New Somali president asks al-Shabaab to surrender to 'help' country

Somalia's newly elected President Mohamed Abdullahi Farmajo asked Islamist terrorist group al-Shabaab to surrender in order "to help rebuild" the conflict-ridden East African nation.

Serbia's EU negotiator says minority rights neglected

The head of the Serbia's European Union accession negotiation team, Tanja Miscevic, said in Novi Sad on Wednesday that minority rights had been neglected for many years and added that positive results in that regard cannot be achieved over night, the Beta news agency has reported. 

Scientists: Nearby star's 7 rocky planets are "best bet" for life

New analysis of telescope data shows a dwarf star just 40 light years from Earth has at least seven apparently rocky planets with potential to harbour water, an international team of scientists announced Wednesday.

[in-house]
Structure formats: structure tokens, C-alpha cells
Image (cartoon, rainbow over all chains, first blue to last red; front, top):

Croatian PM receives EIB Vice-President

Prime Minister Andrej Plenkovic met on Wednesday with European Investment Bank (EIB) Vice-President Dario Scannapieco for talks on the bank's contribution to a new investment cycle in Croatia and its support to the Croatian government to implement key projects, a press release from the government's office said.

Bomb explodes outside police officer's home in Northern Ireland

A bomb exploded outside a police officer's home in Northern Ireland on Wednesday but there were no immediate reports of casualties.